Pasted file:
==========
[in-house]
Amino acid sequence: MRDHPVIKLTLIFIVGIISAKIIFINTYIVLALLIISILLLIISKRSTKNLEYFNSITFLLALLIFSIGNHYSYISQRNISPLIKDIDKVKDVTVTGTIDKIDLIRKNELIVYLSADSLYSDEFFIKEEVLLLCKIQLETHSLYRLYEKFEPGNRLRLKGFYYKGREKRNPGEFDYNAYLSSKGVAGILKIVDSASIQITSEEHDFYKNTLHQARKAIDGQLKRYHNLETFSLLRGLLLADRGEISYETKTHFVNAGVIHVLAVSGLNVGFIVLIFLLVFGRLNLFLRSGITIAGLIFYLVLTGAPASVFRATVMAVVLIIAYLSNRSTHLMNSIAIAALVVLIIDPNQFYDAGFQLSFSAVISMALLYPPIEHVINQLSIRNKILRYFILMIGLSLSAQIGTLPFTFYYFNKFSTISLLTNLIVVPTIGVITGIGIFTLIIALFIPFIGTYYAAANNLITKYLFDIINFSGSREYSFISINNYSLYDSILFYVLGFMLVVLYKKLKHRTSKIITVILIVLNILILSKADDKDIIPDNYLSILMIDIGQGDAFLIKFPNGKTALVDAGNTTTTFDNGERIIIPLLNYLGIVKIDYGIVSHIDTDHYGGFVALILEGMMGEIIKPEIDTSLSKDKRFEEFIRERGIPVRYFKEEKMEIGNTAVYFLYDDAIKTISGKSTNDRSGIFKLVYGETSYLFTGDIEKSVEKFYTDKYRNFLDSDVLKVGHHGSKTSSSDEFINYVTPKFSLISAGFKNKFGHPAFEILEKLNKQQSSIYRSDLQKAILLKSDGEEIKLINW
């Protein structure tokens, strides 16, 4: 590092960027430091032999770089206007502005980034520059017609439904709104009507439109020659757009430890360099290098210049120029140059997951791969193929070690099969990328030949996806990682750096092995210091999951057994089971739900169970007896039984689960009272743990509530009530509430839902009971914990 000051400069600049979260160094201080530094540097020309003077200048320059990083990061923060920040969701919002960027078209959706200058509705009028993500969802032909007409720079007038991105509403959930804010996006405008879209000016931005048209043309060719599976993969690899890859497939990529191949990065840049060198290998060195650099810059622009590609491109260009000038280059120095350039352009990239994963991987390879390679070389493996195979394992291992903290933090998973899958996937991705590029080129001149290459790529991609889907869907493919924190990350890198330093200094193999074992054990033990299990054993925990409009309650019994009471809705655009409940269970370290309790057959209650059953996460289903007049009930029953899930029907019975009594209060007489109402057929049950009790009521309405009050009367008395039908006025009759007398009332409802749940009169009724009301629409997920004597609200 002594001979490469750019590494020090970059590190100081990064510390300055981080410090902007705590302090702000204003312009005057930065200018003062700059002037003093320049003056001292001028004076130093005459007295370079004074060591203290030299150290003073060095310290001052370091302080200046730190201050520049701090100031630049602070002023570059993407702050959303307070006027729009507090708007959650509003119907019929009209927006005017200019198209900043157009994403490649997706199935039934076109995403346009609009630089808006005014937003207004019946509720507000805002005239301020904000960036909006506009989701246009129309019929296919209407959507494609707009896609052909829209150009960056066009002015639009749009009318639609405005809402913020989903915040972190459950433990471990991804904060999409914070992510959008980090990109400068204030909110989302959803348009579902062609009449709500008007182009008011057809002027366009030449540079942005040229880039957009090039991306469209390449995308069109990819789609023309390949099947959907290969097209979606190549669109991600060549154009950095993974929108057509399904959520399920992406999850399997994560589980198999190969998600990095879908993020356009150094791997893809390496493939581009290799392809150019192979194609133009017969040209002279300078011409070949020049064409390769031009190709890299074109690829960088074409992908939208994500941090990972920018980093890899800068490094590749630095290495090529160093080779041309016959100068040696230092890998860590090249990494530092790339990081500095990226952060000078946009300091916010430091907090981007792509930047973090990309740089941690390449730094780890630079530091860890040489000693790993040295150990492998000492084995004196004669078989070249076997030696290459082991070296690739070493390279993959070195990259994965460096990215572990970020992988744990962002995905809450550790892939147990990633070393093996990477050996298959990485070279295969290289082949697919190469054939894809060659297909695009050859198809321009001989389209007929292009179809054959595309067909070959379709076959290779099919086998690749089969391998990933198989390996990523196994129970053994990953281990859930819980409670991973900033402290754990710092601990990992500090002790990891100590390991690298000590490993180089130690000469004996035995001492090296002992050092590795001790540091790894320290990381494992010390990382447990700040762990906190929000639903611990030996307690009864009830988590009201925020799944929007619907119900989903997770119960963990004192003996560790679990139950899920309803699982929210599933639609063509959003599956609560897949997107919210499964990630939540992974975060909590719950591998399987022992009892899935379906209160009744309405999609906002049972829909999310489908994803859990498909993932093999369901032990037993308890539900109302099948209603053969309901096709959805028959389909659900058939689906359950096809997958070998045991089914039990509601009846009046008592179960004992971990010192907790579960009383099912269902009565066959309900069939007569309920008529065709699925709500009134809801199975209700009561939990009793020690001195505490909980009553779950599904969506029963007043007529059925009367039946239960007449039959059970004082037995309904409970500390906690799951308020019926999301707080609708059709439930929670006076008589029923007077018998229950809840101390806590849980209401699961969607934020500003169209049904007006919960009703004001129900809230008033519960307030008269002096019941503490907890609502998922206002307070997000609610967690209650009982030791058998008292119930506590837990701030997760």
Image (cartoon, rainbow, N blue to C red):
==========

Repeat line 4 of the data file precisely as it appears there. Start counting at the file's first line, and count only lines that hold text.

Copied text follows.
Image (cartoon, rainbow, N blue to C red):